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Interview: Patricia Donovan talks about The Collections


Patricia Donovan up in Christchurch and graduated from the University of Canterbury with a Master's Degree (with honours) in English Literature.

After graduation she worked in corporate communications in Australia and New Zealand, and is the author of a comprehensive reference book for the profession: Communications. The Four Essential Steps to Best Practice.


She is the author of two previous novels, The Remarkable Miss Digby which was shortlisted for the NZ Booklovers Adult Fiction Award 2022, and The Madison Gap. She lives on the beautiful Kapiti Coast. Patricia talks to NZ Booklovers.



The Collections is a departure from your previous novels, can you tell us a little about your new book?

The Collections is a dystopian story, set in Christchurch during 2041, about a woman struggling to take control of her own fate. The narrator – Claris Millar – works in a government Collections Depot but after her beloved husband is taken there to die – a sacrifice he makes willingly to help reduce population pressure – she finds her job increasingly abhorrent. She is plagued by unease and indecision; should she abide by law, or should she break it?

What inspired you to write this book?

During 2020, debate in New Zealand on the pros and cons of euthanasia was happening at the same time as alarm was spreading worldwide at the rate of population growth and the scary prospect that our planet may not be able much longer to sustain it.


The optimum population for the planet is one and half billion, two billion at most, yet there are now nearly eight billion of us. What is to be done?

Musing on possible answers to this question, I imagined what it would be like if we trusted superannuates, when they receive their first pension payment, with a suicide pill to use if and when they see fit. This idea led me down a dystopian path of exploring how far a distressed humanity, at the end of its tether, might go to resolve both the global population crisis and the consequent degradation of the planet.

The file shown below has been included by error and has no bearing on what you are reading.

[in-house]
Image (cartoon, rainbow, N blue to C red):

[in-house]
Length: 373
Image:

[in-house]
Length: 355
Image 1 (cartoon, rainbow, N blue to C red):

What research was involved?

I had to find out what a crematorium looked like, how it functioned, and what drugs are used to end a person’s life. And I wandered the streets around Claris Millar’s home in Christchurch for a couple of days to get the feel for the location, and ensure accuracy of place and street names.


If a soundtrack was made to accompany this book, name a song or two you would include.

Something classical, moody and moving. In the story I refer to Tartini’s cello concertos and these suit the tone of the novel perfectly.


If your book was made into a movie, who would you like to see playing the lead character?

Lesley Manville comes to mind.


What did you enjoy the most about writing this novel?

Exploring the human condition. And imagining how we might address over-population, while at the same time answering the urgent need to restore the planet’s health by putting the trees back.


What did you do to celebrate finishing this book?

Sending my characters out into the world has been celebration enough. By the time it went into production, I was already distracted by a new cast of characters demanding my attention.


What is the favourite book you have read recently and why?

The Sympathizer by Viet Thanh Nguyen. It’s highly intelligent social satire, funny and utterly absorbing.


What’s next on the agenda for you?

I’m working on a series of crime stories. Book 1 is set in the public sector and introduces my novice (accidental) sleuth.


Mary Egan Publishing

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